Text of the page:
The city code provides two alternatives for determination of how much compensation is paid "in Seattle": (1) an "hours" method, and (2) a method based on the predominant location of the employee's work. The City's regulation substantially modifies the code's latter method in the interest of clarity and ease of administration. The business can apply only one method for each reporting year. (The method can be changed from year to year, but only, beginning in 2022, on the first quarterly return of the year; after that the method is fixed for the year.)
For employees who work exclusively in Seattle, this method allocates 100 percent of compensation to Seattle. For employees who work both within and outside Seattle in a year, this method requires an allocation of compensation on a ratio of hours worked in Seattle to total hours worked in a year. The regulation provides a presumption that 1,920 hours is a full-time employee's hours-budget.
But if hours are greater than the 1,920 full-time presumption, the rule provides that "the employer must be able to document the increased number of actual hours for the calculation." This provision works against the City, it seems, because if you have a known number of Seattle hours, an increase in total hours would just reduce the ratio of "compensation paid in Seattle."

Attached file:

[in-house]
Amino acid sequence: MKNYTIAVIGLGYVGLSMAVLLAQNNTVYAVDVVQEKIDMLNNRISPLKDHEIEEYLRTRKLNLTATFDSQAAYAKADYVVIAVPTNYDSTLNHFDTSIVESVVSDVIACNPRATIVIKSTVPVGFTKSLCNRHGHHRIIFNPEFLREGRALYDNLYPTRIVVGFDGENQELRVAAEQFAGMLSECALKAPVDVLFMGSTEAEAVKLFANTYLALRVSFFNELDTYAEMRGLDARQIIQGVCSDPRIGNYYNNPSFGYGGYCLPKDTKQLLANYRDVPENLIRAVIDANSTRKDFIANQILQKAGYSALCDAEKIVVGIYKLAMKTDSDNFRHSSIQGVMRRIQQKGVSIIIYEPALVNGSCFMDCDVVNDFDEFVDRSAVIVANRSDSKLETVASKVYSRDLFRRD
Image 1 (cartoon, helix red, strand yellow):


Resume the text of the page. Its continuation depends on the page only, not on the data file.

The City's rule calls the second option the "Primarily Assigned Method," but this is a misnomer. Unlike the hours method, this method assigns compensation all-or-nothing to Seattle based on several factors.
The city code provides that 100 percent of the compensation paid to an employee "primarily assigned" to Seattle is "compensation paid in Seattle." The code defines "primarily assigned" to be "the business location of the taxpayer where the employee performs their duties."
On the surface, this might be read to mean that an employee is primarily assigned to Seattle if, as in the hours method, the employee works exclusively at a business location of the employer in Seattle, or that the business location in Seattle is the only business location of the employer where the employee works. But the City's rule changes the definition to a 50 percent test.
Under the rule, the following hierarchy applies. Compensation is paid in Seattle if: